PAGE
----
The sugar industry has represented to the Centre to hike the minimum support price for sugar to match the raw material, sugarcane price.
According reliable sources, the Indian Sugar Mills Association, has urged the Centre earlier this week to peg the minimum price of sugar at ₹33 a kg for mills in the south and the west and at ₹ 35 for North Indian mills. The Government had recently set the minimum ex-factory price at ₹29 a kg uniformly for sugar mills across the country in a bid to boost sugar prices. Previously sugar prices were ruling around ₹26 a kg well below the cost of production pegged at about ₹34.
Justifying the demand, industry sources said even at the statutory Fair and Remunerative Price of ₹2,550 a tonne for cane linked to 9.5 per cent sugar recovery, the cost of production works out close to ₹27 a kg. Mills end up paying 93 per cent of income from sugar for the cane. “How can mills operate or service their loans?” asked the source.
Further, mills in North India pay a higher price for cane, the State government recommended price of ₹3,200, which far exceeds income from sugar.
North Indian mills need to be paid a higher price for sugar because, in addition to paying farmers more, they produce medium grade sugar, a premium quality, as compared with small grained sugar made by mills in the South and West, according to the source.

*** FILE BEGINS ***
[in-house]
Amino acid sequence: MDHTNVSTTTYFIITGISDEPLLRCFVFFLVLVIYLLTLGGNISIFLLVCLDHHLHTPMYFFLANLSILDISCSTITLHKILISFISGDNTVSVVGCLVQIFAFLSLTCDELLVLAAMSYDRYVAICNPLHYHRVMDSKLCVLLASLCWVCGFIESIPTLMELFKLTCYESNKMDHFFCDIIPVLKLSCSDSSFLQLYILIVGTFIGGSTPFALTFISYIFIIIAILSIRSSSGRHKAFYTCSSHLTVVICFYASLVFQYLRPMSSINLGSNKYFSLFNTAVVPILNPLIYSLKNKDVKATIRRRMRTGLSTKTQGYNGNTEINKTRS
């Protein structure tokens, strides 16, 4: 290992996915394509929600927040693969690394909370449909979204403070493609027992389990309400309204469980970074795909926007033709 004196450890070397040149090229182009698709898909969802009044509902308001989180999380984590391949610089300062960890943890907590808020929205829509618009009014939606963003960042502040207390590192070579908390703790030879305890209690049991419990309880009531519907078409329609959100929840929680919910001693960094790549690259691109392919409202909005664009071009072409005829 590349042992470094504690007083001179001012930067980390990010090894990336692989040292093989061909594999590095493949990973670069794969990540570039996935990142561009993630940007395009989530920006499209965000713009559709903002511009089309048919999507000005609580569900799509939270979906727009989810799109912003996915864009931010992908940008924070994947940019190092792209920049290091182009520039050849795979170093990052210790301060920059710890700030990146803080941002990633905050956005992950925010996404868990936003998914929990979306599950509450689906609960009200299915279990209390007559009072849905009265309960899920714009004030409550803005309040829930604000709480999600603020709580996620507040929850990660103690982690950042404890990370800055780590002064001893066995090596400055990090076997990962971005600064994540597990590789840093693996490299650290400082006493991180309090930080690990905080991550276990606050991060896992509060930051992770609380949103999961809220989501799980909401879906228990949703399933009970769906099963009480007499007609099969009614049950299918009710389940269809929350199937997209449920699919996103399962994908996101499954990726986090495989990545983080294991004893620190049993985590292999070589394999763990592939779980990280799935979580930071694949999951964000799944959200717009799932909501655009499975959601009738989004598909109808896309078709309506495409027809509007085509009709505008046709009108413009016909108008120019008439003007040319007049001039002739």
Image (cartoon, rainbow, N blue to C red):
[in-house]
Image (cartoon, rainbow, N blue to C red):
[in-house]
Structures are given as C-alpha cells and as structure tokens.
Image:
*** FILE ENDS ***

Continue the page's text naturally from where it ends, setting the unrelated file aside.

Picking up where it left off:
Also, mills in the North do not have easy access to the sugar deficit markets in the East and the North East, he said.
Sugar prices had bottomed out following a surplus sugar production of about 32 million tonnes in the current October-September sugar season. Also, estimates set the coming year’s production to match if not top this output. The cash-strapped sugar mills have not been able to pay farmers for the sugarcane supplied. This had resulted in over dues mounting to over ₹22,000 crore. The minimum price for sugar was part of a package of measures announced by the Centre to support sugar mills pay farmers.